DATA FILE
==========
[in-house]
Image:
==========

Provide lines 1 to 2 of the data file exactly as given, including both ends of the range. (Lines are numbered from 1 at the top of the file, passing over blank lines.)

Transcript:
[in-house]
Image: